Why has all this come out now? Partly because the Old Masters were guild members and, for purely commercial reasons never revealed the tricks of their trade. They were too valuable. And partly because Hockney, ever the persistent and gleeful iconoclast, smelled a rat. Why were Ingres' exquisite pencil portraits so small, all the same size, so accurate and so quickly executed? How come Vermeer's paintings were so mathematically precise that a computer can exactly recreate his studio from the measurements taken from them? Why did so many Old Masters make very obvious errors in human anatomical proportion? Why did it all start in 1430 AD? In a riveting account Hockney describes his two-year journey to the certain realisation that it was all down to optics. He also shows that optics, in a tyranny of cold one-eyed precision, dominated European art for 500 years. Impressionism and, later, Modern art liberated it.
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19 of 20 people found the following review helpful
5.0 out of 5 stars Utterly convincing! 20 Nov 2006
Great book! I read it in one sitting! Hockney may well be derided as "popular artist" by the serious art world, but all fields of endeavour have their jealous guardians who stake their existence on consistency; a new viewpoint is rarely made welcome by them, and an outsider contradicts them at his own peril.

Nevertheless, the arguments about moving vanishing points, inconsistent perspective, left handed prevalences, optical distortions completely accurately rendered and so on are not going to just go away. They are well thought out, tightly argued and well illustrated (and were completely new to me!). It seems obvious with this in mind that any artist making a living from his skill would be very stupid not to use a tool to enhance the realism of his work and cut the time needed to churn these portraits out. Hockney entertainingly shows how this process had to include the use of lenses and mirrors.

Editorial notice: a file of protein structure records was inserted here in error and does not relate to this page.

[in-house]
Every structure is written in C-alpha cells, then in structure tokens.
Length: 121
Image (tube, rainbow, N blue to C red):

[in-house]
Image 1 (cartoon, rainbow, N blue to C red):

More to the point, the use of such aids does not diminish the painters' skill. Their style is always recognisable and painters today would be hard pressed to create anything comparable. But it helps to know how human beings managed, in some cases, to achieve impossible levels of observational accuracy. So after a lifetime of interest in drawing, I immediately ordered a camera lucida to try it for myself!

A great read! Buy it!
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7 of 7 people found the following review helpful
5.0 out of 5 stars ENVY AND JEALOUSY 4 April 2012
By pfvll
Format:Paperback|Verified Purchase
The art world is well known for the prevalence of jealousy and envy among artists for the more successful among them. It's understandable, as many hard working, highly skilled artists are ignored while others, equally or even less skilled, become world famous, either by accident or because of superior marketing skills. For example, one often STILL reads that Picasso or Dali could not draw or even paint "properly", in spite of the fact that several world-travelled exhibitions of their works have featured early drawings and paintings by both artists showing draughtsmanship skills of the highest order and the ability to produce skilful representational paintings. In both cases, however, as they grew up and developed, they chose to take a different path and be judged by the results. Hockney has joined this exclusive group and produces uniquely stylised paintings, instantly recognisable, only because of the skills acquired in his classic training in drawing and painting, honed by hard work, dedication and long experience.

Life is unfair. Hockney has become a National Treasure, because he is an excellent artist, but also, perhaps, because he has not only survived to a ripe old age but achieved "grumpy but lovable old fart" status. Yet many of his contemporaries, equally skilled, are completely unknown or known only to a few knowledgable fellow artists.

Of course Hockney can draw. Anyone who says he cannot draw or paint "properly" is either blinded by professional jealousy or simply does not know what he is talking about. There is ample evidence on record in his published work. His teenage paintings and drawings show ample evidence of a great artist in the making.
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3 of 3 people found the following review helpful
5.0 out of 5 stars An artist's study of other artists 18 Oct 2010
By Peasant TOP 100 REVIEWER